All of this reflects the central motion of emerging adulthood, from what theorist Sharon Daloz Parks calls probing to tested commitment. The probing stage is one we recognize: trying out majors in college (even trying out colleges, or trying out time away from school); experimenting with internships, social networks, interests, romantic partners; testing professions, living arrangements, relationships. But eventually that probing settles down, and a firmer sense of commitment develops. “In the period of tested commitment,” Parks writes, “the self has a deepened quality of at-homeness and centeredness – in marked contrast to the ambivalence and dividedness of the earlier period.”
We can choose to ignore this period of probing commitment, waving our hands as we say, “Our organization doesn’t have time for people who aren’t fully committed.” But that would be a mistake. Emerging adults have a great deal to offer: creativity unbounded by the constraints many older adults have; exposure to skills, theories, and approaches that they’ve learned in college; energy and enthusiasm. All of these can add a tremendous amount to our complementary schools, camps, and other educational settings.
Of course there are risks as well. Unboundedness by the past can mean that emerging adults aren’t aware of history. They may wind up reinventing the wheel. They may come to look at anything old as being obsolete, when in fact there’s plenty of old stuff (like Torah, for instance) of tremendous value.
The transition from probing to tested commitment is the work of mentoring, a word that is probably over-used these days. Mentoring isn’t a small thing. It is more than the occasional lunch or phone date with a senior colleague. Parks defines mentoring this way: “an intentional, mutually-demanding, and meaningful relationship between two individuals, a young adult and an older, wiser figure who assists the younger person in learning the ways of life.” A quality mentoring relationship creates the firm yet flexible space for emerging adults to probe, test, reflect, and develop a firmer sense of purpose and self, all the while developing respect for experience and tradition. That is, mentoring is the way young adults find their place in the family of things. Mentoring relationships also have positive effects on the older mentors as well, keeping them fresh, opening their eyes and ears. Older adults, too, need to reflect on their place in the world.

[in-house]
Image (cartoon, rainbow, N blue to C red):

As Parks writes, the greatest success comes in not only one-on-one mentoring relationships, but developing mentoring environments, in which a network of mentors and mentees create a collective space in which to reflect together. Building such individual and communal relationships yields greater resilience, capacity for listening, and imagination, on both the personal and organizational levels.
We hear a lot these days about the crisis of twenty-somethings, the disconnect between older and younger generations. First I’d say that such talk of crisis is, as usual, overblown. But there is what to pay attention to. If we want to engage emerging adults in our communities and institutions, we have to do so not with the short-term aim of preserving our institutions, but with the more genuine aim of listening to and welcoming them into communal life. As individual educators and professionals, we need to become mentors. As a community, we need to develop an ethic and culture of mentorship, in which we welcome and value the gifts that all of us, young and old alike, bring to our collective work.
Rabbi Josh Feigelson is educational director at Ask Big Questions, and before that served as Campus Rabbi at Northwestern University Hillel. Ordained by YCT Rabbinical School, Josh also holds a BA from Yale University in music. He is currently working on a PhD at Northwestern about higher education and American Jewish life.